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YOU’VE HEARD OF being tongue-tied, but what about lip-tied? Both are actually legitimate medical conditions, and the culprits are pieces of tissue in our mouths called frenula.
Tongue Ties And Lip Ties
We all have a frenulum (or frenum) that connects our upper lips to our upper gums, one that connects our lower lips to our lower gums, and one that connects our tongues to the floors of our mouths. Normally, they are all thin and highly elastic, allowing free movement of our lips and tongues. If someone is literally tongue-tied, it means the lingual frenulum (the one under the tongue) is large enough to restrict the movement of their tongue, causing difficulties with speech, chewing, and swallowing.
Having a “lip tie,” on the other hand, means one of the labial frenula is so thick and/or tight that it restricts movement of the lip it’s attached to. Being lip-tied can lead to problems such as a large gap between the teeth, gum recession, and, in infants, not being able to latch while breastfeeding.
Luckily, a simple surgery called a frenectomy can reduce or remove an abnormal frenulum. Now, don’t let the word “surgery” scare you off. A frenectomy is definitely worth considering for anyone with these frenulum-related problems, particularly if they’re experiencing pain or discomfort.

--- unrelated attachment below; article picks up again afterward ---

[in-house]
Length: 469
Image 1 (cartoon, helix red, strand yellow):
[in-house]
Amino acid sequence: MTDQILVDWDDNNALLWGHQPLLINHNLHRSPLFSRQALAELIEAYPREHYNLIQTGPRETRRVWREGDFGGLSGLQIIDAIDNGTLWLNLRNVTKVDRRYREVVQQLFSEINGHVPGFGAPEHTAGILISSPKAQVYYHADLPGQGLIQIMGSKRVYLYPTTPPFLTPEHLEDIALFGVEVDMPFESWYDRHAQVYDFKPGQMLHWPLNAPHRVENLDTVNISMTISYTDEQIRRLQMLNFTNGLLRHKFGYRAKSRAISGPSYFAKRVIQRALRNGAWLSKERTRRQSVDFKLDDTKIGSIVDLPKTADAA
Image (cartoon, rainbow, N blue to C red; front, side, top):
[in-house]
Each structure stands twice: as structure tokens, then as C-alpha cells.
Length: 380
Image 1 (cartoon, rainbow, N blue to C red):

Frenectomies are relatively quick procedures with short healing times. Periodontists (dentists who specialize in working with the gums) and oral surgeons are normally the ones who perform them. The way it works is that the doctor will numb the area and make a small incision in the frenulum to make it smaller or remove it. Alternatively, the procedure could involve laser surgery, where the doctor removes the frenulum with a laser. Either way, that pesky lip tie or tongue tie will be gone!
For the majority of people, frenulums will never be a problem. If you think any of yours might be thick or tight enough to cause the above problems, schedule an appointment with us, and the same goes for your children if they seem to have these problems. We can take a look and see if a frenectomy would be a good option. If it is, then we can recommend a periodontist or oral surgeon to take care of it.
The content on this blog is not intended to be a substitute for professional medical advice, diagnosis, or treatment. Always seek the advice of qualified health providers with questions you may have regarding medical conditions.